Our country is war-weary. It’s time to bring our combat role to an end.

The harder task will be to ensure the Afghans will be able to do what the Iraqis — to date — have been unable to do. That is to defend the hard-won victory over the Taliban.

This strategy has to work.


No regrets over Obama votes

The question came to me from a social media acquaintance.

He asked: “… just for the record are you sorry you voted for this incompetent community organizer?”

My answer to him: No.

I now shall elaborate.

The “incompetent community organizer,” of course, is Barack Obama, 44th president of the United States, who’s finding himself engaged in yet another struggle of wills┬áwith the folks in Congress who would oppose virtually anything he proposed at any level.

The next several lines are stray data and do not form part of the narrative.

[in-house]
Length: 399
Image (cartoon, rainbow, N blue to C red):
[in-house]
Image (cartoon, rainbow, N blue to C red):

I’ve voted in every presidential election since 1972 and have never regretted a single vote I’ve cast for the candidate of my choice — win or lose.

Why should I regret my votes for Barack Obama in 2008 and again in 2012?

For starters, the 2008 campaign amid the worst economic crisis to hit the United States since the Great Depression. It occurred on George W. Bush’s watch and Sen. Obama pledged to take swift action to stop the free fall in our job rolls, our retirement account, the stock market, the housing market, the banking industry and the automobile industry. I trusted him then to do all of the above.

You know what? He delivered. The economic stimulus package, which the GOP opposed, contributed to improving the economic condition at many levels.